There’s always washing up to do, plates to bring out, cutlery to take in, washing to hang on the line, bedding to distribute, cats to stroke, dogs to pet, chickens to chase … it’s amazing how quickly the time just disappears!
Once a week I take all my bedding out of the caravan to give it a good air – yep, that’s two duvets, two blankets, a sheet, an underblanket, pillows, plus the cushions that make up the mattress. Because it’s so chilly at night condensation builds up under the cushions and they get damp. Eventually they’ll rot away, I guess, but drying them out and giving them a good airing will make them last longer. It’s also good to give the caravan itself an airing, and a sweep – you wouldn’t believe how much grass and goose poo I seem to drag in there!
Around 5-6pm it’s time to sort the animals out for the night. The sheep are usually easy (and great fun!) to put to bed – you call out “Sheepies! Sheepies!” and rattle a tin of corn and they come bounding across from wherever they are and follow you back to their shed. The ducks, chickens and geese often follow you too, and then congregate near the door of the house waiting for their share of the corn. Many of the ducks sleep outside around the farm, but the geese, the four white ducks and some of the younger chickens need to be safely in their enclosure at night, so once they’ve arrived, plus as many others as possible, you can lead them into the duck house and throw them corn to keep them busy. The rabbit also needs a good helping of grass, dandelions and whatever other greenery we’ve collected for her.
Last to be dealt with are the pigs and it’s the same as the morning routine – six separate buckets of food, water to be refilled – and ducks to be repelled! Despite having locked what seems like hundreds away in the shed, there still seem to be plenty left outside who want a share of the pigs’ dinner! The ducks are a real problem actually, because they do tend to deprive the pigs of some of their food, and aren’t easily deterred. Sometimes it’s getting dark by the time we feed the pigs. Thank goodness for the head torch my brother gave me for my birthday!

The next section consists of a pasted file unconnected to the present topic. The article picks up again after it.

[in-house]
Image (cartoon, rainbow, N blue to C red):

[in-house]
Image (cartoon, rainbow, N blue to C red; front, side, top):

Once the animals are dealt with it’s time to think about dinner. I’ll write more about food in my next blog post, but I do what I can to help with preparation, lighting the fire, finding plates etc, and a few times I’ve cooked part or all of the meal myself. Andrea usually works in the evenings – as well as running the farm she does online English teaching to international students – but at weekends we sometimes have “movie night”, when we all eat together, watch a film, and have the odd glass of jeropiga or a beer. However, most nights I usually head back to my caravan between 8pm and 9pm, armed with a hot water bottle and a flask of tea. I tend to watch something I’ve downloaded on Netflix – I’ve finished the latest series of Grace and Frankie and am now working my way through Making a Murderer and Russian Doll – before snuggling up under the duvet with my Kindle. Lights out by 10pm normally!
Once a week we head into the nearest town, Pampilhosa da Serra, for a Portuguese language class. It’s only a 90-minute lesson but somehow it seems to take all day, as we socialise, stop for lunch, do a bit of shopping, and do other bits and bobs around the town. And of course, there are other days when the “routine” goes out of the window – last week we went off for a drive and a picnic, and I also took myself off for a day on my own, driving round the local area and stopping at some of the miradouros – viewpoints – along the route. But generally, life chugs along much as I’ve described.
Reading this back, it seems like I’m doing very little really, and I wonder where the time goes. I think one of the things I’ve learned during my first month here is to slow down and sometimes stop entirely. Life is happening all around us, but we tend to be so busy we never take the time to appreciate it. One evening when we were feeding the pigs, I glanced behind me and saw a glorious sunset – but I didn’t stop and admire it straight away because there was work to be done. Five minutes later it had gone … The next time there was a beautiful sunset I made sure I stopped what I was doing and watched it brighten and intensify and deepen and then fade away. And you know what? The world was still here five minutes later. No pigs had expired through starvation; they probably didn’t even realise there’d been a slight delay.
And I think that’s how the time seems to pass so quickly. Rather than doing ten things at once, I concentrate on doing one at a time, and often stop just to take in everything that’s going on around me. I’m noticing tiny flowers pushing up from the ground, spiders spinning funnel webs, birds swooping around the roof, buds on the fruit trees, bees buzzing around the heathers. It’s like my eyes have been opened to the wonders of nature at last, and I can’t spend enough time soaking it up.